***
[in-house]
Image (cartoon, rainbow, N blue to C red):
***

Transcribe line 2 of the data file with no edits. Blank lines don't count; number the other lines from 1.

Image (cartoon, rainbow, N blue to C red):